NDAs aimed to protect trade secrets. Now they're often hiding bad behaviour, says prof
Julie Macfarlane wants to prevent the federal government from using NDAs in misconduct cases
Non-disclosure agreements (NDAs), which can prevent a signee from discussing certain matters publically in perpetuity, have made headlines and come under scrutiny in recent years for playing a role in silencing victims in both the public and private sectors.
"I can't even begin to explain in words the trauma that results from these contracts," Julie Macfarlane, a law professor emerita at the University of Windsor, told Day 6 guest host Manjula Selvarajah.
Macfarlane is part of an advocacy campaign, called Can't Buy My Silence, that seeks to make NDAs unenforceable. She also helped draft a Senate bill, tabled earlier this month, that aims to prevent the federal government from using NDAs to cover up misconduct in the civil service.
"Every kind of bad behaviour in the workplace is now being treated as if it were a patented trade secret," she said.
Here's part of Macfarlane's conversation with Selvarajah. They discuss the origins of NDAs, how they can be used to shelter wrongdoing and harassment, and why women — particularly Black women — are more likely to have signed one.
Non-disclosure agreements were originally a mechanism for protecting trade secrets. What's the issue with how they're currently being used in Canada?
They were originally developed in the 1980s, actually, and in Silicon Valley. So, that probably gives you an idea of the original purpose of nondisclosure agreements, which was to protect all this very commercially sensitive information that was being developed around technology.
As time has gone on, we've seen them increasingly used for not just intellectual property or commercially sensitive information, but now they are being added pretty much as a matter of default in settlement agreements for all kinds of civil disputes. The most attention is being paid to disputes that relate to some kind of sexual misconduct, harassment, discrimination cases.
WATCH | Criticism after feds restore Hockey Canada funding without action on NDAs:
Can you give us a sense of the scope of the problem?
We have gathered, and so have some others, quite a bit of data by allowing people to respond to surveys anonymously. There are now three studies in the United States that estimate that one in three workers has signed an NDA.
The areas in which we are seeing the most prevalent use of non-disclosure agreements to cover up misconduct … is in low-income, low-security, high-turnover sectors such as hospitality, accommodations and retail — where people are working for very little money.
Is it true that women and racialized people are more likely to be asked to sign an NDA?
According to our data, yes. This does make a certain amount of logical sense because NDAs are nurtured [in an] environment of inequality and difference in power is very much an ingredient of leading to the issue of somebody being told they must be silent.
We also know that if you are a Black woman as opposed to a white woman, you are three times as likely to have signed an NDA.
What happens if someone refuses to sign an NDA?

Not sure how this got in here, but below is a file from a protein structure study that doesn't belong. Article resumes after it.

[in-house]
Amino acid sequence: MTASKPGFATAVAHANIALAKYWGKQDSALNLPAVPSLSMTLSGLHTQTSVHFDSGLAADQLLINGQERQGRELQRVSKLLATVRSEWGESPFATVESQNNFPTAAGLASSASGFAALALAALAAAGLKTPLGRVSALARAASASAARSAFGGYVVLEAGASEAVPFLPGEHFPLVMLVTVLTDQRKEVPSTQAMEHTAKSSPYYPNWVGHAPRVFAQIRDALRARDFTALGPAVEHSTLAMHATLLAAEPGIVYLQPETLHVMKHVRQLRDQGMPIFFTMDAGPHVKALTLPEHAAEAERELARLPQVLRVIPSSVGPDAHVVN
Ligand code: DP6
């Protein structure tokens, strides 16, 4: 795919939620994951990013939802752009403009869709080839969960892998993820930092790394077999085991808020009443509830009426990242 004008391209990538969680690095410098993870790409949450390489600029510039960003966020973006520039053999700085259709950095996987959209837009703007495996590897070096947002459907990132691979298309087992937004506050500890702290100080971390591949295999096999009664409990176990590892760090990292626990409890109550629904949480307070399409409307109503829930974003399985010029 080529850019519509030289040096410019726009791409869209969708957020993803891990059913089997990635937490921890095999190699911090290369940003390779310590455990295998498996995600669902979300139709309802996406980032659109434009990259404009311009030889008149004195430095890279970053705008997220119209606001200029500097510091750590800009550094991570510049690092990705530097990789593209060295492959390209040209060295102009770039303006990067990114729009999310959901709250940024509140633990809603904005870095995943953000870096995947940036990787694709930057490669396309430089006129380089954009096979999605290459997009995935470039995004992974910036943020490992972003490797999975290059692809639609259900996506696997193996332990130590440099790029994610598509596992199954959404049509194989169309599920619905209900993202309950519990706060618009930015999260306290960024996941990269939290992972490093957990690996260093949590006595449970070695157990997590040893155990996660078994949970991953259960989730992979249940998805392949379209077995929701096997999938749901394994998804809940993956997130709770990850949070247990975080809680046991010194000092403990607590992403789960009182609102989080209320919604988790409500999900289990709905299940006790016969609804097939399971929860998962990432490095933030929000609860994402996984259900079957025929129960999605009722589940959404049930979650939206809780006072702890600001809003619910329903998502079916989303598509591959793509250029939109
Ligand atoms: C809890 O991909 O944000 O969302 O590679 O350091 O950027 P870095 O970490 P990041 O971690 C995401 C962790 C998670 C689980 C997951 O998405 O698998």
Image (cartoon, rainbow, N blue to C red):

We have been supporting and encouraging people who are finding themselves pressured to sign a non-disclosure agreement.
Let me just say that almost everybody that we hear from did not fully understand the consequences of that NDA when they signed it. It was just one clause in many, many pieces of paper. But if people do look and find they're being told they have to keep this matter secret forever from everybody, which is the standard blanket NDA, then we are encouraging them to push back.
[Those people] who want this kept out of the public want to hide the fact that this happened. This person behaved like this, and characteristically, unfortunately, will have behaved like this for many years before the organization actually did anything about it.
WATCH | Journalist Jodi Kantor on why she questions the use of NDAs:
What are the legal consequences if someone breaks that NDA?
Technically they're in breach of a contract and therefore they can be sued and may be liable to repay the compensation which they have been given.
Now, in the United States, there is beginning to be some case law in which judges are striking down non-disclosure agreements. The ones that we will hear about are Donald Trump's, but there are actually quite a few other cases in which judges are saying correctly, "I think that they are an overreach. They are too broad, too vague, too unreasonable, and that people don't fully understand just what it is that they're committing to."
It is also very, very difficult in practical terms … to challenge them, which is why [the Can't Buy My Silence campaign] is focusing on legislation to change the law.
This bill that's currently before the Senate. How will that change the way that NDAs work?
I think it's important that the Government of Canada stops using non-disclosure agreements to cover up misconduct in the civil service. We do know that they use them and it's also important that they set standards for organizations that are federally funded in some way, like Hockey Canada.
The bill would prevent the government from using non-disclosure agreements to cover up complaints of misconduct within the federal civil service.
[Another] piece, which I think is also terrifically important for people who've already signed non-disclosure agreements with the federal government or with a federally funded organization, is that there will be no use of federal funds any longer to pursue or to litigate a breach of an NDA.
Radio segment produced by Mickie Edwards. Q&A edited for length and clarity